Cases of adrenocorticotropic hormone (ACTH)-independent Cushing’s syndrome are often caused by unilateral tumors in the adrenal glands, but Indian researchers have now reported a rare case where the condition was caused by tumors in both adrenal glands.
Fewer than 40 cases of bilateral tumors have been reported so far, but an accurate diagnosis is critical for adequate and prompt treatment. Sampling the veins draining the adrenal glands may be a good way to diagnose the condition, researchers said.
The study, “Bilateral adrenocortical adenomas causing adrenocorticotropic hormone-independent Cushing’s syndrome: A case report and review of the literature,” was published in the World Journal of Clinical Cases.
Cushing’s syndrome, a condition characterized by excess cortisol in circulation, can be divided into two main forms, depending on ACTH status. Some patients have tumors that increase the amount of ACTH in the body, and this hormone will act on the adrenal glands to produce cortisol in excess. Others have tumors in the adrenal glands, which produce excess cortisol by themselves, without requiring ACTH activation. This is known as ACTH-independent Cushing’s syndrome.
Among the latter, the disease is mostly caused by unilateral tumors — in one adrenal gland only — with cases of bilateral tumors being extremely rare in this population.
Now, researchers reported the case of a 31-year-old Indian woman who developed ACTH-independent Cushing’s syndrome because of tumors in both adrenal glands.
The patient complained of weight gain, red face, moon face, bruising, and menstrual irregularity for the past two years. She recently had been diagnosed with high blood pressure and had started treatment the month prior to the presentation.
A physical examination confirmed obesity in her torso, moon face, buffalo hump, thin skin, excessive hair growth, acne, swollen legs and feet, and skin striae on her abdomen, arms, and legs.
Laboratory examinations showed that the woman had an impaired tolerance to glucose, excess insulin, and elevated cortisol in both the blood and urine. Consistent with features of Cushing’s syndrome, cortisol levels had no circadian rhythm and were non-responsive to a dexamethasone test, which in normal circumstances lowers cortisol production.
Because ACTH levels were within normal levels, researchers suspected an adrenal tumor, which led them to conduct imaging scans.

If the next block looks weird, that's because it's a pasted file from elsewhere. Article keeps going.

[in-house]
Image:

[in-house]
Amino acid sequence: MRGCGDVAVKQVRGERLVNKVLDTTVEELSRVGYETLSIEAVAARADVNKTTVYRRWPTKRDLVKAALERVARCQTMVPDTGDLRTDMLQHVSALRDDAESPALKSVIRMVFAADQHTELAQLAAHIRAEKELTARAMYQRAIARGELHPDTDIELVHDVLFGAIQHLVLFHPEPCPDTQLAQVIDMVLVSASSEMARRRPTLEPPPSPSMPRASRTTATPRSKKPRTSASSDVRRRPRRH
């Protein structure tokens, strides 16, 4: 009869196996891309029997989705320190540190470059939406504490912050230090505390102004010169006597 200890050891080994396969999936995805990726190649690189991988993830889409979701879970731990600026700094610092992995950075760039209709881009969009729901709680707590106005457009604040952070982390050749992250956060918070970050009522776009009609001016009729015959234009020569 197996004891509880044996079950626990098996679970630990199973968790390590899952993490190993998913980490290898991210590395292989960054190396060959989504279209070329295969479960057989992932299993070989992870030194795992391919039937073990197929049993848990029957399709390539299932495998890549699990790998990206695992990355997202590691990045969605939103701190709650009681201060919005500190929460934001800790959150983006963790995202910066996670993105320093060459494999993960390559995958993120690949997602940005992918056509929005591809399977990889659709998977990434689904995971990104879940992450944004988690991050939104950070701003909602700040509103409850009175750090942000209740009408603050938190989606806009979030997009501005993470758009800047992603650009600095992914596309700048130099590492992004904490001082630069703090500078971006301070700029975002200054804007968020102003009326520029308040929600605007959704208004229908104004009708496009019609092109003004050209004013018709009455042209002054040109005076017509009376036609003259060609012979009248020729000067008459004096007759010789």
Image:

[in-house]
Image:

An abdominal computed tomography (CT) scan showed adrenal adenomas in both adrenal glands (right: 3.1 cm × 2.0 cm × 1.9 cm; left: 2.2 cm × 1.9 cm × 2.1 cm). A magnetic resonance imaging (MRI) scan showed that the pituitary gland (which normally produces ACTH) was normal.
To determine whether both adrenal tumors were producing cortisol, researchers sampled the adrenal veins and compared their cortisol levels to those of peripheral veins. They found that the left adrenal gland was producing higher amounts of cortisol, thought the right adrenal gland was also producing cortisol in excess.
“Our case indicates that adrenal vein [blood] sampling might be useful for obtaining differential diagnoses” in cases of Cushing’s syndrome, researchers stated. Also, they may help design a surgical plan that makes much more sense.”
The tumors were surgically removed — first the left, and three months later the right — which alleviated many of her symptoms. She also started prednisolone treatment, which helped resolve many disease symptoms.
“Bilateral cortisol-secreting tumors are a rare cause of Cushing’s syndrome,” researchers said. So when patients present bilateral adrenal lesions, “it is crucial to make a definitive diagnosis before operation since various treatments are prescribed for different causes,” they said.
The team recommends that in such cases the two tumors should not be removed at the same time, as this approach may cause adrenal insufficiency and the need for glucocorticoid replacement therapy.
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